By Kevin Collison
(Update: Park University announced May 25 it will temporarily house students for the planned Crossroads Academy high school at its downtown campus in the former Commerce Tower building)
Four years after opening a school for 190 elementary students in a former office building on Central Street, Crossroads Academy is planning to open a high school in downtown Kansas City in 2018. But first, it needs a building.
“It’s an exciting time for us to be able to grow and add more kids,” said Dean Johnson, executive director of the charter school. “Parents have asked about a high school and that’s always been part of our goals.”
Since opening its first school at 1015 Central St., Crossroads Academy has grown to enroll 570 students in grades K-8 and this year opened a second school in a former Quality Hill mansion that once housed the offices of United Way at 1080 Washington St.
At a recent meeting of the Downtown Council, Johnson said Crossroads Academy wants to have its high school close to the new streetcar line, close to a soccer field and large enough to include a gymnasium.
The plan calls for 100 students to be enrolled the first year, and for it to grow to a full capacity of 500 students by 2025.
Johnson said the school is willing to consider either renovating a building or erecting a new structure. It would require about 50,000 to 60,000 square feet of useable space. Initial parking needs would be minimal, about 15 spaces, with a need for 125 spaces by 2025.
Bill Dietrich, president and CEO of the Downtown Council, said his organization is helping Crossroads Academy in its search.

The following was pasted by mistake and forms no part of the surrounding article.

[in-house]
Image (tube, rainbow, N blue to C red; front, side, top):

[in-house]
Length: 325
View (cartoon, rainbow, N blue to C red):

“We’re looking at a wide range of alternatives,” he said. “A high school has greater needs, things like a soccer field makes it more challenging to find a site. We’re looking a potential partnerships to make that happen.”
Dietrich said having hundreds of students downtown has added to the vitality and appeal of the area. The kids run lemonade stands as a fundraiser in August, and they can be seen going to the Downtown Public Library for study, the Folly Theater for performances or Barney Allis Plaza for exercise.
“It’s always been a high priority in our strategy to revitalize downtown to have a K-12 program for people who live and work there,” he said.
Johnson attributed the charter school’s success to its strong faculty, the creative learning environment provided by downtown and its diversity. The enrollment is 44.5 percent African-American, 32.9 percent white, 19.3 percent Hispanic and 3.4 percent Asian.
“We all recognize we learn from people who are different from ourselves and the importance of having kids in that environment,” he said. “The waiting list has gotten longer each year and we’ve had to turn families away.”
Crossroads Academy currently employs a 72-person staff. The charter school ultimately plans to have a total enrollment of 1,344 students in grades K-12.
The program was the highest ranked charter school in Missouri in 2015 in its Annual Performance Report, and while it slipped slight this year, it’s still among the top performers.
“We think one of our responsibilities is to raise kids in a learning environment that will help solve some of our conflicts,” Johnson said. “Kids from diverse backgrounds having equal access to education is part of that solution.”